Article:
Copy number alterations are associated with metastatic-lethal progression in prostate cancer



Aside from Gleason score few factors accurately identify the subset of prostate cancer (PCa) patients at high risk for metastatic progression. We hypothesized that copy number alterations (CNAs), assessed using CpG methylation probes on Illumina Infinium® Human Methylation450 (HM450K) BeadChip arrays, could identify primary prostate tumors with potential to develop metastatic progression.


Epigenome-wide DNA methylation profiling was performed in surgically resected primary tumor tissues from two cohorts of PCa patients with clinically localized disease who underwent radical prostatectomy (RP) as primary therapy and were followed prospectively for at least 5 years: (1) a Fred Hutchinson (FH) Cancer Research Center-based cohort (n = 323 patients); and (2) an Eastern Virginia (EV) Medical School-based cohort (n = 78 patients). CNAs were identified using the R package ChAMP. Metastasis was confirmed by positive bone scan, MRI, CT or biopsy, and death certificates confirmed cause of death.


We detected 15 recurrent CNAs were associated with metastasis in the FH cohort and replicated in the EV cohort (p < 0.05) without adjusting for Gleason score in the model. Eleven of the recurrent CNAs were associated with metastatic progression in the FH cohort and validated in the EV cohort (p < 0.05) when adjusting for Gleason score.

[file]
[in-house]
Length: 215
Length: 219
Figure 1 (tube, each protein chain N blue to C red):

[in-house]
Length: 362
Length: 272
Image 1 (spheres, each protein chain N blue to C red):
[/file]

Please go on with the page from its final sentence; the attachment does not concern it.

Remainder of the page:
This study shows that CNAs can be reliably detected from HM450K-based DNA methylation data. There are 11 recurrent CNAs showing association with metastatic-lethal events following RP and improving prediction over Gleason score. Genes affected by these CNAs may functionally relate to tumor aggressiveness and metastatic progression.

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Fig. 1: CONSORT diagrams.
Fig. 2: Tuning of cutoffs for the HM450K-based CNA detection method.
Fig. 3: RCNA regions detected by GISTIC2.0 on the FH dataset.
Fig. 4: The validated 11 RCNAs (adjusting for Gleason score).


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This work was supported by grants from the National Cancer Institute (R01 CA222833, R01 CA056678, R01 CA092579, K05 CA175147 (JLS), and P50 CA097186), with additional support provided by the Fred Hutchinson Cancer Research Center (P30 CA015704). We acknowledge the support of the Eastern Virginia Medical School Biorepository, Norfolk, Virginia.

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Correspondence to Xiaoyu Wang or Janet L. Stanford.

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Wang, X., Grasso, C.S., Jordahl, K.M. et al. Copy number alterations are associated with metastatic-lethal progression in prostate cancer. Prostate Cancer Prostatic Dis (2020).

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